Thursday, February 19, 2009

Deciphering the Sino-African saga

A interesting perspective on China's geopolitical interests in the Southern Hemisphere emerged from Accra, Ghana today.

The author, Bright B. Simons is an executive at
IMANI-Ghana, a think-tank voted the sixth-most influential in Africa this year by Foreign Policy Magazine. I've copy and pasted a few experts below in order to summarize the major premise of the article and get you interested.

Remember the opinions and views expressed below do not reflect those of this site or myself (the author/ webmaster). None the less, they are legitimate views and overall, the analysis of the geopolitics at play is one of the best I've read in months and is definitely worth your time.


In that scheme of things, one could have said that Hu's visit to Africa was part of the ongoing effort to diversify China's export markets away from their fatal dependence on Western profligates. China's trade with Africa has expanded 1,000% this decade to an astounding US$100 billion plus, a significant proportion of which is made up of Africa-bound Chinese consumables.


Thus while Chinese Premier Wen Jiabao is being kept busy at home shoring up confidence in the southern export machine through staged visits to the shrinking enclaves of roaring capitalist success on the country's southern coast.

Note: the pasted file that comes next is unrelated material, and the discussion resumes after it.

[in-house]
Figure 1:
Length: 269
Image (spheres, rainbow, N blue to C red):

Vice President Xi Jinping has been neck-deep in diplomatic intrigue in Mexico, Venezuela, Brazil, Colombia and Jamaica.

Vice Premier Hui Liangyu has been asked to ride on China's recent membership into the Inter-American Development Bank (IABD) to worm his way into the hearts of Ecuadorian, Argentinean, Barbadian and Bahamian opinion leaders with assurances of more funds to follow on the $350 million that sealed China's membership in the IABD.

Chinese Vice President Xi Jinping makes a speech at a business seminar in Caracas, Venezuela,
Feb. 17, 2009. Xi arrived in Caracas Tuesday for an official visit to Venezuela. (Xinhua/Ma Zhancheng)


But look closely and another vortex pops out of the design: the visit to the four African countries is actually one plank in what seems to be a multi-prong diplomatic offensive aimed at consolidating some kind of Southern Hemisphere solidarity in anticipation of an era of mercantilist alliances arrayed to the effect of greater multilateralism and the breaking of Euro-American economic hegemony.


Having painted this elegant portrait of the African visits as embedded in an overarching Chinese framework of geostrategic positioning, encompassing Africa, the Middle East and Latin America, gleeful observers are naturally inclined to dismiss the more mundane spin put on the issue by Chinese diplomats.


Hu's choice of country visits, based on such logic, could thus only have been motivated by the desire to visit as many African countries as possible, and to engage in a powerful, if also political capital intensive, "geo-symbolism" that will manifest its usefulness should the growing outcry of a new world economic order lead to a greater multilateralism and its attendant universal international suffrage.


Click here if you would like to access Simons article from the Asia Times Online